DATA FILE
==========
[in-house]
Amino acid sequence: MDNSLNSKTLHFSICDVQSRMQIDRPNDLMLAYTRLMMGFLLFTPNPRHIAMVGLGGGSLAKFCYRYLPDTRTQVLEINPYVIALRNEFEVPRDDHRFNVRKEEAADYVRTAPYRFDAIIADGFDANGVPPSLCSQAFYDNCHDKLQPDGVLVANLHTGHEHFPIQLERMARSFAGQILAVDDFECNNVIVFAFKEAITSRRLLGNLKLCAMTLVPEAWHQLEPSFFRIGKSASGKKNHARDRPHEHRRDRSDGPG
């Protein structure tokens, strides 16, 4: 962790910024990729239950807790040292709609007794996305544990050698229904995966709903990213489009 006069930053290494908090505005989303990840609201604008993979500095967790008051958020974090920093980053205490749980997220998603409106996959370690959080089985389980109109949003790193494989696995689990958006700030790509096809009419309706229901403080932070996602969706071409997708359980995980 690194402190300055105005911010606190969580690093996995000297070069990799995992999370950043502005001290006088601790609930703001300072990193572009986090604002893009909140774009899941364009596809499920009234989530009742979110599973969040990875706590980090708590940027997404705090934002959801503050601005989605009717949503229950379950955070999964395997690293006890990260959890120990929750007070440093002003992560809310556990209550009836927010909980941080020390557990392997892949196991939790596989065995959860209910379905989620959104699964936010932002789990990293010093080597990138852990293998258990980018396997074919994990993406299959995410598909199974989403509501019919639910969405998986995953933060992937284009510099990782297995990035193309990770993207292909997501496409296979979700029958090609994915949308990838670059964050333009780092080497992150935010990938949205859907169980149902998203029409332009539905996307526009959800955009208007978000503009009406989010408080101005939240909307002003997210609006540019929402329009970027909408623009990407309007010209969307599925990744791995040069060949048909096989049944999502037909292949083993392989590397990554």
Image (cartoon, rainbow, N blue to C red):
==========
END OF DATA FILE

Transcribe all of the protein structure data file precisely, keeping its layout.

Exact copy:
[in-house]
Amino acid sequence: MDNSLNSKTLHFSICDVQSRMQIDRPNDLMLAYTRLMMGFLLFTPNPRHIAMVGLGGGSLAKFCYRYLPDTRTQVLEINPYVIALRNEFEVPRDDHRFNVRKEEAADYVRTAPYRFDAIIADGFDANGVPPSLCSQAFYDNCHDKLQPDGVLVANLHTGHEHFPIQLERMARSFAGQILAVDDFECNNVIVFAFKEAITSRRLLGNLKLCAMTLVPEAWHQLEPSFFRIGKSASGKKNHARDRPHEHRRDRSDGPG
């Protein structure tokens, strides 16, 4: 962790910024990729239950807790040292709609007794996305544990050698229904995966709903990213489009 006069930053290494908090505005989303990840609201604008993979500095967790008051958020974090920093980053205490749980997220998603409106996959370690959080089985389980109109949003790193494989696995689990958006700030790509096809009419309706229901403080932070996602969706071409997708359980995980 690194402190300055105005911010606190969580690093996995000297070069990799995992999370950043502005001290006088601790609930703001300072990193572009986090604002893009909140774009899941364009596809499920009234989530009742979110599973969040990875706590980090708590940027997404705090934002959801503050601005989605009717949503229950379950955070999964395997690293006890990260959890120990929750007070440093002003992560809310556990209550009836927010909980941080020390557990392997892949196991939790596989065995959860209910379905989620959104699964936010932002789990990293010093080597990138852990293998258990980018396997074919994990993406299959995410598909199974989403509501019919639910969405998986995953933060992937284009510099990782297995990035193309990770993207292909997501496409296979979700029958090609994915949308990838670059964050333009780092080497992150935010990938949205859907169980149902998203029409332009539905996307526009959800955009208007978000503009009406989010408080101005939240909307002003997210609006540019929402329009970027909408623009990407309007010209969307599925990744791995040069060949048909096989049944999502037909292949083993392989590397990554």
Image (cartoon, rainbow, N blue to C red):